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The Strathprints institutional repository is a digital archive of University of Strathclyde's Open Access research outputs. Strathprints provides access to thousands of Open Access research papers by Strathclyde researchers, including by researchers from the Physical Activity for Health Group based within the School of Psychological Sciences & Health. Research here seeks to better understand how and why physical activity improves health, gain a better understanding of the amount, intensity, and type of physical activity needed for health benefits, and evaluate the effect of interventions to promote physical activity.

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Design for remanufacture : organisational factors influencing successful integration into the design process

Hatcher, Gillian D and Ijomah, Winifred L and Windmill, James FC (2012) Design for remanufacture : organisational factors influencing successful integration into the design process. In: Design for Innovative Value Towards a Sustainable Society. Springer Netherlands, Dordrecht, pp. 419-423. ISBN 9789400730106

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Abstract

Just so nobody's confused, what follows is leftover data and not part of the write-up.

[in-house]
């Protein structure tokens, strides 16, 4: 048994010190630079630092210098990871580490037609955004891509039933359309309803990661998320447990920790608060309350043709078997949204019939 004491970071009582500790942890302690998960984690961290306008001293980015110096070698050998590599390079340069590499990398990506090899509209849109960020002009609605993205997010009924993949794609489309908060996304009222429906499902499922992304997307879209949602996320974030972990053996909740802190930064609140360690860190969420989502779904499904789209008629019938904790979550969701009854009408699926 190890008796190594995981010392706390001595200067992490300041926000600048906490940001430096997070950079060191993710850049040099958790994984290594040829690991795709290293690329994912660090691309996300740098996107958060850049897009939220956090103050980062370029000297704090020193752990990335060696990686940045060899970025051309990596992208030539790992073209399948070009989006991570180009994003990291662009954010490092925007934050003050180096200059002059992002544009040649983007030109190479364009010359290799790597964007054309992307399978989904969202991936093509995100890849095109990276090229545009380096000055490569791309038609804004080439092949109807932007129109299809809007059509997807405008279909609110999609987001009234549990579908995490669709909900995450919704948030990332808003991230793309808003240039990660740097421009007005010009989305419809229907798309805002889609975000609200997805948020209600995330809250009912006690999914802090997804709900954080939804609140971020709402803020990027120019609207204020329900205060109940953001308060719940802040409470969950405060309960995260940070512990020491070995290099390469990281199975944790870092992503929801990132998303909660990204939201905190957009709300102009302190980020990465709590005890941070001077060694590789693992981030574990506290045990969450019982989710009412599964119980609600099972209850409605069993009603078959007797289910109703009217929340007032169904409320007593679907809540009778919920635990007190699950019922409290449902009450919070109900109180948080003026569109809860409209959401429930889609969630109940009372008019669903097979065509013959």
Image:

Remanufacturing, the process of returning a used product to a like-new condition with a warranty to match, is widely recognised as an environmentally preferable end of life strategy for many products, being both an energy and material saving solution. How the product was designed can have a significant effect on how easily it may be remanufactured, and it is from this understanding that the concept of ‘design for remanufacture’ (DfRem) has emerged. The aim of this research is gain an understanding of the organisational factors that enable the successful integration of DfRem considerations into a company design process, through a series of case studies in the mechanical/ electromechanical sector. This paper presents the findings from case studies of two companies currently remanufacturing their products- one that is involved in DfRem, one that is not. A comparison of the two case studies has revealed that factors such as customer demand, remanufacturer communication and business priorities may have a significant effect on DfRem integration.